If all your priorities are met, why can’t you treat your family to a nice dinner, trip, or experience? I doubt you’ll regret spending a little extra to build life-long memories.

When Stingy is OK

I’m a firm believer that it’s OK to be stingy in some respects. I’m a stingy person and it’s provided me a lot of benefits.

Here’s what I’m stingy about:

  • My time

  • My energy

  • My relationships

  • My health and fitness

  • My family’s safety

I am very stingy with how I spend my time. I'd much rather pay an expert to fix my car than spend the time and energy learning to do it myself. While my car is in the shop, I can work, or write an article that will generate income over time.

I’ve never kept relationships just for the sake of it. If I’m spending time away from my family with someone else, it has to be valuable in some aspect. Whether that be fun, enlightening, fitness, etc…

I will never not be stingy about the safety of my wife and kids. Hard stop.


Are you stingy? How can you tell?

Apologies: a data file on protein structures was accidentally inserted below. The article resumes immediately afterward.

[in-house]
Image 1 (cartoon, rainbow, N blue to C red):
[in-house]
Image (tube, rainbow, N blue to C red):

Living stingy in some respects isn’t the worst character trait to possess, but it’s far from ideal. Being stingy with money can lead to many negative consequences.

Once you’re able to understand your level of stinginess you can begin to loosen your grip a little. Stingy people generally have money saved up and have a functioning budget in place. It’s ok to give and spend a little more than usual to help yourself become less stingy if all your priorities are met.

Ideally, the stingy person would ditch the scarcity mindset and replace it with an abundance mindset. One that’s less worried about their next paycheck being lost in the mail and replaced with one that’s looking for ways to enhance their life experience.